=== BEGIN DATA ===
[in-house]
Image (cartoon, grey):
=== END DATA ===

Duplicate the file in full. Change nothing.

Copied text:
[in-house]
Image (cartoon, grey):